The pursuit of being truly human is discombobulating. We're so damn tough on ourselves. Learning to be enough with exactly who you are is not an easy journey. Many of you believe that to be whole that you should pursue, not just being better, but being perfect. Either perfect at your job, your parenting, your partnering or your physical self.
What if I told you that achieving peace with who you are and where you are at in life is far easier than you think? The answer, I believe, is making friends with being 'flawsome'.
How can I be flawsome?
Flawsome is not just making peace with your flaws – it’s knowing that without them, you would not be you. It goes beyond surrendering to your flaws – it means owning them, understanding them and knowing that admitting them gives you your power. It doesn’t take your power away.
Many of you will know the global icon Celeste Barber. Celeste made a name for herself via her ‘@celestechallengeaccepted’ social media series, which began in 2015 as a "fun experiment to see what it would look like for an average person to photograph herself doing rich-people things". Her re-enactments of celebrity and model photos complete with weird poses and outfits are LOL-worthy. She 'takes the micky' out of people and exaggerates her own flaws for humour.
I think one of the reasons we love her so much (aside from how hilarious she is) is that she's real. She's not hiding her body – she's saying; ‘This is me, I am flawsome’. And she’s made a living from it. With nine million followers and counting, a flourishing comedy career and a book deal she's doing just fine!
The thing is, we're drawn to people not for their perfection, but for their acceptance of their imperfections. We admire people who may seem flawless, but they are hard to connect with and understand, and very hard to be like. The Pratfall Effect says that if you want to build trust quickly with people, showing your flaws is one way to do this. It’s about showing your vulnerability, and in doing so, that increases your connection with others.
So how do you make peace with who you are in all your colours? Well there's no checklist. Life is not a clear path. But there are three principles that when explored can help you be a better friend, leader, parent, partner, colleague and person.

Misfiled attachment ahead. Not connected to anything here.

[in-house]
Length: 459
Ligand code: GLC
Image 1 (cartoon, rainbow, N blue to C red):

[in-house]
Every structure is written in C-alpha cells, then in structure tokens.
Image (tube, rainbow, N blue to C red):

1. Understand your triggers
Have you ever acted in a play? Or been in a band, or part of a group presentation or played in a team sport? For you to play your role you would've been looking for cues from someone else. Whether the cue was a phrase, a look, a movement, you would've looked for it to indicate it was your turn. Ideally anyway.
Identifying the things in life that trigger you off is the same. But if you don’t know what to look for, you won’t get to learn about the role you play when life, people or circumstances trigger you into a response. The reactions become things that either help us grow, and those around us, or hinder this growth. When we stay in our stress responses we're trapped.
Understanding the things that hold us back from being present and how we can learn from them is like finding gold – if you dare to look for it. Once we know our triggers it’s easier to know how to seek the truth.
2. Seek the truth
The truth is tricky. What’s the truth in conversations or situations? Is it what you think, or another’s perspective? Maybe it’s a combo of both. Maybe it’s neither. Reconciling what you believe about yourself and the impact it has on those around you is where you learn. It might not be comfortable at the start but when you use this as data to help you grow, it becomes freeing.
We need to remain open to whatever is coming our way. When we treat feedback as information, not a personal attack, the learning begins. When we react poorly, and stay in our triggers, we stifle our opportunity to evolve. It’s the curiosity and our search for truth when the magic begins. It’s fear that holds us back from moving into our transformation.
3. Continue your transformation
This is where your courage lies. The courage to be open to many truths, to know that one person’s perspective of you is just that. It’s not automatically adopting others’ beliefs, or punishing them for having them. It’s seeing it as an opportunity to add to what you already know. The aim is to add to your pool of knowledge, not diminish it.
Transformation is endless and it requires discomfort. To know that you're perfectly flawed. That you are awesome because of your flaws. It’s the differences in each other that make us valuable. We just need to learn how to embrace our inner flawsome. To learn that the journey to being whole, is learning to be 'holey'.
If you’re interested in more, you can download two free chapters of Georgia’s book Flawsome here.
Who is Georgia Murch?
Georgia is the 'feedback gal'. She’s become known as the leader in Australia for designing feedback cultures for teams and organisations. She's a keynote speaker and a best-selling author of three books, including Fixing feedback and Feedback flow. She’s worked with people and leaders in public and private for over 25 years. She’s led teams and businesses, designed cultures, facilitated leadership programs. She’s done the yards. She regularly appears on The Today Show, Sky Business, writes for The Australian, Huffington Post, The Age and loves a chat on ABC Radio. What she's realised, is that the foundation to relationships we have with each other starts with the feedback we give ourselves. So she’s written Flawsome: the journey to being whole is learning to be holey.
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